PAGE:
• Chair on wheels. You won’t need a wheel chair after joint replacement surgery, but you may benefit from  a deck chair or office chair with wheels will make it easier to get around in the kitchen.
  • Carry all. A walker basket can help you get things from A to B when you need your hands to hold your walker. If you don’t have one, try an apron with large pockets. The apron will also work when you’re upgraded to a cane.
  • Reachers and grabbers. You won’t be stretching to reach items on high shelves or squatting to pick up the floor or pull up socks for a while. Check your medical supply store for devices that can help you do daily tasks with minimal stretching and bending.

4. Arrange for help. Upon your discharge, you’ll be able to tackle some basic daily tasks on your own, but you may need help with meals, laundry, housework and shopping for several weeks, says Dr. Kolisek. 

While needing help is a certainty, you won’t know exactly how much you’ll need until you’re home from surgery, says Blake, who asked her aunt to stay with her a week or two after her first knee replacement surgery in 1986. Blake ended up needing her help for a full month. If you’re married, try to plan your surgery for when your spouse can stay home with you for a week or two. If you live alone, ask a friend or family member to come and stay for several days. At the least, have someone check on you a few times a day. If you don’t have friends or family nearby, Weser advises checking to see if your place of worship has a homebound ministry that can help.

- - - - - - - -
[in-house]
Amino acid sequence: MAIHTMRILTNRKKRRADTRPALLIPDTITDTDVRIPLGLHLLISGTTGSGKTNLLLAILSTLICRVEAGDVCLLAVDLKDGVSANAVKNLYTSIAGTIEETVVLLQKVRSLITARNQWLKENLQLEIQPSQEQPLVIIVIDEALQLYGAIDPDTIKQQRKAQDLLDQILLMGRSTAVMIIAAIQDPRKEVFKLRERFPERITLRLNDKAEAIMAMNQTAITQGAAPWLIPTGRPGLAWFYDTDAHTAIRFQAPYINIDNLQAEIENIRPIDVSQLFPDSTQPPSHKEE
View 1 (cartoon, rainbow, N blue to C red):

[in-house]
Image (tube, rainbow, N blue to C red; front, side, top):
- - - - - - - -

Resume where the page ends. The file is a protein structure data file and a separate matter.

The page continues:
If all else fails, you can hire someone to stay with you full or part time through a home health-care or companion service. You can find services in the phone book or online under “Home Health Services,” or through your discharge planner. But check with your insurance first. Most insurers do not cover such services.

5. Plan on how to get home. The first order of business in your homecoming will be getting home safely. Although you won’t know the exact time of your departure before your surgery, you can count on a three-to-five-day hospital stay, so having someone on call during that time will help ensure that your ride is ready when you are.

Having the right ride is important. Most experts recommend a large sedan, SUV or mini van, especially for hip replacement patients, who will have positional restrictions on their new joint.